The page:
Crucial recommends removing the two 4GB sticks and replacing with their two 8GB sticks, then installing the original two 4GB sticks in the remaining two empty slots.

Don't shoot the messenger. Hopefully Applecare will know after I call them with the serial number of my 27" scheduled for delivery tomorrow afternoon

In any case, make sure the thing works as is before messing with the RAM.

Additional edit info:
Preceding confirmed several hours later by Apple Support technical support advisor.

Apple also recommends remove their two 4GB sticks, replace with the two new 8GBs, then install the Apple sticks in the remaining empties.
Thanks for the excellent advice. I was wondering myself if the purchased ram should just be inserted in the empty slots, but now that you've had the same information told to you from both Crucial and Apple, I think I'll follow that advice, thanks for updating its much appreciated

----------

Quote:
Originally Posted by Confuzzzed View Post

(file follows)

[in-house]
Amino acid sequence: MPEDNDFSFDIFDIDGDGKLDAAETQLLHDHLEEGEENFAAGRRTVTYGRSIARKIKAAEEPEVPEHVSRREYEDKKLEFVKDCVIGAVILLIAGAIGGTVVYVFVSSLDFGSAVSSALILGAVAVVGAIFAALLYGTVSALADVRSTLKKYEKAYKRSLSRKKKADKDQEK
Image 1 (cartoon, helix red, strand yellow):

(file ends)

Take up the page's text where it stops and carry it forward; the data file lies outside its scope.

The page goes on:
I was going to install my ram before the very first bootup, but I will follow your advice and set the iMac up first to ensure its working OK, then I'll install the ram later. Thanks

Any advances on this? Going, going...gone[/QUOTE]


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Old Jan 18, 2013, 02:41 AM   #84
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Quote:
Originally Posted by Fatboy71 View Post
I was going to install my ram before the very first bootup, but I will follow your advice and set the iMac up first to ensure its working OK, then I'll install the ram later. Thanks
This is what I did last night, didn't go through all the screen tests or image retention thing but made sure the machine worked ok and then popped the new RAM in, switching them round with where the stock Apple ones (Elpida if it helps anyone) were sitting (slots 1 & 3). Worked fine.